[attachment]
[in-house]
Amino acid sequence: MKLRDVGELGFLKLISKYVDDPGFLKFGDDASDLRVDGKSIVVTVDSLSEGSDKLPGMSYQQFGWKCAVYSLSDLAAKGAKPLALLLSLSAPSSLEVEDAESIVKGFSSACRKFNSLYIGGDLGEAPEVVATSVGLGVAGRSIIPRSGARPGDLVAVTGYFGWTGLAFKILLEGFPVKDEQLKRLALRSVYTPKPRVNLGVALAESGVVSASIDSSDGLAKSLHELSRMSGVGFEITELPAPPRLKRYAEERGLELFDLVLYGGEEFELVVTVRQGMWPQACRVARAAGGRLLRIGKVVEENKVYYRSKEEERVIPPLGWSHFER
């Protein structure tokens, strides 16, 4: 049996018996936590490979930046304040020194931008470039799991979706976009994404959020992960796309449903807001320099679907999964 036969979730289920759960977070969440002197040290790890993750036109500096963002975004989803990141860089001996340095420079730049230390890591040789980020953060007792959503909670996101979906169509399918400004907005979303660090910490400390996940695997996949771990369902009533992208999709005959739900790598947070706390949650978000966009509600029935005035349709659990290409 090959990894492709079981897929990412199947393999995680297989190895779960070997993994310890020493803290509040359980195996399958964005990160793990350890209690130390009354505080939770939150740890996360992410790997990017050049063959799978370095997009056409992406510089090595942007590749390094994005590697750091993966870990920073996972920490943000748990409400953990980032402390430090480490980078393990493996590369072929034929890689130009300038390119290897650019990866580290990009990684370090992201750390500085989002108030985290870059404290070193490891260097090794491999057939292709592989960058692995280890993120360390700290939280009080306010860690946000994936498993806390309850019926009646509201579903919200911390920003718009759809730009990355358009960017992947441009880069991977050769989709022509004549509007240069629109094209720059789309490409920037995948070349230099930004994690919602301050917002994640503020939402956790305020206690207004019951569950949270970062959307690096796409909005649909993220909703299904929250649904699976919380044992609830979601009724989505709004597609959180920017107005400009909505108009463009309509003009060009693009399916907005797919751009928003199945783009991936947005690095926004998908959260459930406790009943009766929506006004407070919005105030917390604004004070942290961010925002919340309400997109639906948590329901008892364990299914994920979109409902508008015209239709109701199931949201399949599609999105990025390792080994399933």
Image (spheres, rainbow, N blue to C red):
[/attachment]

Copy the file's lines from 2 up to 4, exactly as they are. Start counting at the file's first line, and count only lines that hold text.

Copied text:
Amino acid sequence: MKLRDVGELGFLKLISKYVDDPGFLKFGDDASDLRVDGKSIVVTVDSLSEGSDKLPGMSYQQFGWKCAVYSLSDLAAKGAKPLALLLSLSAPSSLEVEDAESIVKGFSSACRKFNSLYIGGDLGEAPEVVATSVGLGVAGRSIIPRSGARPGDLVAVTGYFGWTGLAFKILLEGFPVKDEQLKRLALRSVYTPKPRVNLGVALAESGVVSASIDSSDGLAKSLHELSRMSGVGFEITELPAPPRLKRYAEERGLELFDLVLYGGEEFELVVTVRQGMWPQACRVARAAGGRLLRIGKVVEENKVYYRSKEEERVIPPLGWSHFER
């Protein structure tokens, strides 16, 4: 049996018996936590490979930046304040020194931008470039799991979706976009994404959020992960796309449903807001320099679907999964 036969979730289920759960977070969440002197040290790890993750036109500096963002975004989803990141860089001996340095420079730049230390890591040789980020953060007792959503909670996101979906169509399918400004907005979303660090910490400390996940695997996949771990369902009533992208999709005959739900790598947070706390949650978000966009509600029935005035349709659990290409 090959990894492709079981897929990412199947393999995680297989190895779960070997993994310890020493803290509040359980195996399958964005990160793990350890209690130390009354505080939770939150740890996360992410790997990017050049063959799978370095997009056409992406510089090595942007590749390094994005590697750091993966870990920073996972920490943000748990409400953990980032402390430090480490980078393990493996590369072929034929890689130009300038390119290897650019990866580290990009990684370090992201750390500085989002108030985290870059404290070193490891260097090794491999057939292709592989960058692995280890993120360390700290939280009080306010860690946000994936498993806390309850019926009646509201579903919200911390920003718009759809730009990355358009960017992947441009880069991977050769989709022509004549509007240069629109094209720059789309490409920037995948070349230099930004994690919602301050917002994640503020939402956790305020206690207004019951569950949270970062959307690096796409909005649909993220909703299904929250649904699976919380044992609830979601009724989505709004597609959180920017107005400009909505108009463009309509003009060009693009399916907005797919751009928003199945783009991936947005690095926004998908959260459930406790009943009766929506006004407070919005105030917390604004004070942290961010925002919340309400997109639906948590329901008892364990299914994920979109409902508008015209239709109701199931949201399949599609999105990025390792080994399933």
Image (spheres, rainbow, N blue to C red):